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Mapping the structure of the influenza A virus genome


A team of researchers from the U.K., Australia and the U.S. has mapped the structure of the influenza A virus genome. In their paper published in the journal Nature Microbiology, the group describes their genetic analysis of the virus and what they learned.

As time passes, microbiologists and health officials worry that a future deadly strain of influenza will spread easily. Such a virus would likely result in a global pandemic, killing millions of people the world over. For that reason, scientists continue their study of the viruses behind influenza infections. In this new effort, the researchers have mapped the genetic structure of the influenza A virus—they note that such viruses pose a serious health threat.

By mapping its genetic structure, the researchers observed how its eight single-stranded RNA segments lock together. This is important because they are part of the means by which new viruses are formed. They note that viruses behind past pandemics have been created by reassortment, in which a virus that infects one species, such as a bird, swaps genes with a virus that infects individuals from another species, such as humans. Such swapping results in the creation of a virus with antigens that are new to a host, which will not have existing antibodies against it, leaving the host wide open for infection. The researchers note that the segments are contained in individual viral ribonucleoprotein complexes where they are packed together into single virus particles.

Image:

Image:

In learning more about how the segments lock together, researchers will be able to identify which viruses are compatible with other viruses, providing a watch list of sorts for future pandemic candidates.

The researchers note that their findings cannot be used to predict when a given pandemic is likely to occur. But knowing which viruses are more easily able to swap genes, it narrows down the possibilities, which could speed up the development of a vaccine. It could also help the people in charge of responding to a pandemic gauge how severe it is likely to be so they can take appropriate measures to stop its spread.

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